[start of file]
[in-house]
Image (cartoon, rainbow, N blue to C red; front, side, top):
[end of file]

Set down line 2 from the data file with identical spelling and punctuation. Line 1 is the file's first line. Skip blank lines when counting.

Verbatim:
Image (cartoon, rainbow, N blue to C red; front, side, top):